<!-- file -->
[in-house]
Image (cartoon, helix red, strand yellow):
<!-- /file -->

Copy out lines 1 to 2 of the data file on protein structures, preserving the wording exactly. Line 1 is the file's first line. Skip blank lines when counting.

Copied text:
[in-house]
Image (cartoon, helix red, strand yellow):